2. Oh, I have also been to two festivals in under a week, which on reflection was probably a little more festival than I am ready for at my time of life. At the first one (world musak festival Couleur Café) I ate the worst food in the chequered history of Belgian food (grey friterie meats, I am looking at you), a dish of "curry" so grey, lukewarm and sludge-like that it made me quite hysterical. I should have Instagrammed the fucker but I was rendered incapable of anything whatsoever simply by the presence of the paper bowl of malevolence. It was like food kryptonite, if kryptonite were very faintly cumin scented porridge. After that we strayed into the aural assault range of a group called 'Die Antwoord' who seemed to be extremely angry about everything, possibly someone had prevailed upon them to try the curry. All choruses featured the work "fuck" shouted repeatedly at high volume, like a South African, electro version of Father Jack. I also took several taunting pictures of white dreads (of which there were legion) with which to taunt Madevi.

The second festival is miles away in the Flanders countryside, through an endless succession of long, unlovely sprawling towns and villages full of garden ornament shops and elaborate and ill-advised villas of the kind you find on Ugly Belgian Houses. It was full of happy, pissed, loud, dancing teenagers, cheerily throwing cups of beer in the air and pissing in hedges, which is the kind of thing you have to be in the mood for (the mood being "highly pissed yourself").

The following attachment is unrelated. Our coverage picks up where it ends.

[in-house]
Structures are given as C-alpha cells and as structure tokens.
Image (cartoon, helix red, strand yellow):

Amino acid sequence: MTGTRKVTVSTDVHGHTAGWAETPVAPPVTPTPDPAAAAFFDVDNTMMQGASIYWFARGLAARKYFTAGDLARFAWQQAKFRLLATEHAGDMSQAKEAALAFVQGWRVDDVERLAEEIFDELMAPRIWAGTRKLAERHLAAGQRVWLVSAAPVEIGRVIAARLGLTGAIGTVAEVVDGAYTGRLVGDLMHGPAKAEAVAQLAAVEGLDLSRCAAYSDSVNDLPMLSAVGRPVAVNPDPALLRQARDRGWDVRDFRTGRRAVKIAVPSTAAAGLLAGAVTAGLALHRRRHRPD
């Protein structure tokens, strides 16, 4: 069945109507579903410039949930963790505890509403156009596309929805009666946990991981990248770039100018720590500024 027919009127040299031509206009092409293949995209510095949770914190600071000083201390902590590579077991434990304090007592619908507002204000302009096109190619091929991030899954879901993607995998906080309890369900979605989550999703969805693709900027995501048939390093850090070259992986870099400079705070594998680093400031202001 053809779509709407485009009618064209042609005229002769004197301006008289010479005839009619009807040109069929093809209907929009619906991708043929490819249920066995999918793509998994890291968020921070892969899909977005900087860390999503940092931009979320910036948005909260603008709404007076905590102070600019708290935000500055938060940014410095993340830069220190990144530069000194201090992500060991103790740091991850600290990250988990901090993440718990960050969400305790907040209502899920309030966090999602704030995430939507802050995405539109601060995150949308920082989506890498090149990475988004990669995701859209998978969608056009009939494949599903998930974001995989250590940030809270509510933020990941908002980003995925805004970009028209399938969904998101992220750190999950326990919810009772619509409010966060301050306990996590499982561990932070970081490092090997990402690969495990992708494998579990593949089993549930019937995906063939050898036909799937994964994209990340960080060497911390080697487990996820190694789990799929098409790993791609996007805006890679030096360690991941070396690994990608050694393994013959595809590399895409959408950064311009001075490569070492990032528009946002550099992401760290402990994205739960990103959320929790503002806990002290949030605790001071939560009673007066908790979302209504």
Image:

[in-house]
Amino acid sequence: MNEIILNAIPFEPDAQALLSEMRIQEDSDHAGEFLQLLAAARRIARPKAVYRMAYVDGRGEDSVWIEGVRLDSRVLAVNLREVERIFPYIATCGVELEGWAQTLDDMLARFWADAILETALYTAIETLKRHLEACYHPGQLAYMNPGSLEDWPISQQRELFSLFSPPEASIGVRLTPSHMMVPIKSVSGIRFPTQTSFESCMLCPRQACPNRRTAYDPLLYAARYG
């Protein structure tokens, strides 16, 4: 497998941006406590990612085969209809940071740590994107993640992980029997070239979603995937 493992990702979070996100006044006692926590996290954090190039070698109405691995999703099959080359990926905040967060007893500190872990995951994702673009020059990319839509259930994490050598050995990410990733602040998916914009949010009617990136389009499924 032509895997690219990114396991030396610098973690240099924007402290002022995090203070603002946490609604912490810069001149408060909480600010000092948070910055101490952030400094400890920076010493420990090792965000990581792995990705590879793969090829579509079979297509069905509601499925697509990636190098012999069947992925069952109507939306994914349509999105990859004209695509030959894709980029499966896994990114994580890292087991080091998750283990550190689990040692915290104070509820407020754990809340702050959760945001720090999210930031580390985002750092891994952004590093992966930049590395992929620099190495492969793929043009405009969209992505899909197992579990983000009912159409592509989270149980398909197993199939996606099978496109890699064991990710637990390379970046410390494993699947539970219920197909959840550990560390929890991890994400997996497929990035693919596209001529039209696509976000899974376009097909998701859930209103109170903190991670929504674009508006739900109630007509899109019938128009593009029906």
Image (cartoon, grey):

I went mainly for Vampire Weekend and they were, as ever, polite and slick and wonderfully musical and in-tune and possibly the cleanest looking group of musicians I have ever seen. So clean! Such nice boys! They were quite hard to enjoy, however, due to the teenagers insisting on having loud vocal fun throughout (you can see I was not entirely in the spirit of the thing, narrowing my eyes fruitlessly at the square dancing youths in the monkey onesies). The rest I was more relaxed about: I quite enjoyed what little of Bloc Party I could see across 9000 sunburnt shoulders and lots of Dizzee Rascal, though I was forced with regret to conclude that "HOW THE FUCK YA DOIN' BELGIUM?" will never quite have the ring of, say, 'Vegas' or 'Ibiza'.

On the way home, somewhat mellowed towards the youth by a couple of lukewarm beakers of wine (2,5 tiny paper tokens each. Tell me, the rest of the world - do your festivals require you to buy a strip of tickets from an officious ticket counter in order to procure victuals? Or is this a Belgian peculiarity? I don't even know any more), we relinquished our wristbands, highly illegally, to two enterprising teenagers who conducted an ingenious trick involving putting my hand in a cheese Doritos bag. I felt quite edgy for about four seconds.

3. Today I got back on a train to go to Ghent to be initiated into the ways of Beer. In preparation for this, I bought four different kinds of beer at the weekend and hated all of them. There was "the unbearably bitter one", "the disgustingly sour one", "the unpleasantly sweet one with the nightmarish Santa on the bottle" and "the other one that I can't remember, can we stop now". See these glasses?

That is how much of each beer I managed to drink. Pathetic.

Thankfully today's selection was considerably better, though that is not really saying much (the beer expert laughed heartily when I told her about my brush with this bastard and said it was "probably the worst beer you could have chosen to start off with", so that was unsurprising). My train on the way back was delayed by nearly an hour and featured the trifecta of transport torment that is: a furiously arguing and volatile couple of the kind that could quite easily decide at any second to reconcile and turn on you, a barking dog and an inconsolably wailing baby.

"What do I win?" I emailed M.

"You win .. this magnificent headache!"